Massive Delay in Ambulance Response Times

Jennie Howitt

When Linda (89) had a fall in her garden, her husband immediately called an ambulance. It took 4 hours to arrive – twice as long as the national ambulance response time target. During this time, she was left in the dark and cold, unable to go to the toilet or even move in case she had suffered a spinal injury.

Unfortunately, Linda’s story is common, with the decline of rapid ambulance response time for emergencies in recent years. In fact, 3,000 more heart attack victims could be saved each year if 90 percent of 999 calls were answered in the target time.

This incident took place a day before the East Midland Ambulance Service Report was released. This report suggests an unimaginably widespread delay in ambulance response times, with them missing every target across the board.

East Midland Ambulance Service report

Ambulances are failing to meet targets in every category, from non-urgent injuries or illnesses to life-threatening ones.

The recent East Midland Ambulance Service’s 2021/22 annual report shows that they were missing every target. The target for patients suffering from Category 2 emergencies – which include heart attacks, strokes and sepsis – was around an 18-minute wait, and yet the report revealed that these patients faced an average wait of 49 minutes and 50 seconds for an ambulance. The target wait time for Category 3 and 4 patients (urgent and non-urgent), is respectively 2 and 5 hours. Yet 90% of patients were forced to wait more than 6 hours.

Another shocking finding, according to the report, was that during 2021/2022, East Midland Ambulance Service ‘lost 125,500 hours to pre-hospital handover delays (compared to 59,759 hours lost during 2020/2021), equating to 10,458 12-hour vehicle shifts – an average of 29 shifts a day’.

Neil Scott, head of operations for Lincolnshire at East Midlands Ambulance Service, said: ‘We are currently experiencing immense, sustained pressure on our service and our staff are continuing to work hard to prioritise the sickest and most severely injured patients.’

This report also comes only months after a 70-year-old man from London died of a heart attack after an ambulance took 70 minutes to arrive after a call from 999. Clearly, this ambulance response delay is a national crisis.

These figures are ‘off the scale‘, according to Royal College of Emergency Medicine Vice President Adrian Boyle. ‘It is not because more ambulances are being called, it’s because the amount of time they’re spending outside a hospital has increased,’ he said. In some cases, these waits are substantial; a Plymouth man recently spent 13 hours in an ambulance outside Derriford Hospital.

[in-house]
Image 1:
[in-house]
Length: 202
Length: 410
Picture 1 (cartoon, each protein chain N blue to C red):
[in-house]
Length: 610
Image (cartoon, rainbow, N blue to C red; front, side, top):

Dr Boyle noted that when ambulances are stuck queuing outside hospitals their crews are subsequently not available to respond to other emergencies.

Pressure from the pandemic

This report reflects a more systemic issue for the NHS, which has significantly deteriorated since the start of the pandemic. BBC research showed there were 551 serious safety reports filed by ambulance staff in England between March 2021 and February 2022, up from 312 in the same period before the pandemic. This included 201 unintended or unexpected deaths, up from 78 in 2019/2020.

Other research has found that there’s been a 77% rise in the most serious safety incidents logged by paramedics in England over the past year.

Ambulance crews themselves have faced long delays when they pick up patients and then try to deliver them to hospital staff in a busy emergency department. The rise of COVID-19 has put extreme pressure on hospitals and longer ambulance response times could be a consequence of this.

A Department of Health and Social Care spokesperson in England said, ‘We recognise the unprecedented pressure NHS staff are under from the pandemic – especially frontline ambulance workers.’

Clearly, there is a lack of resources given to the ambulance services. Hopefully, this report will trigger some drastic changes.

About the author: Jennie Howitt is a contributing features writer with a degree in English Literature, a series of published poetry, and an interest in arts, culture, feminism, and healthcare.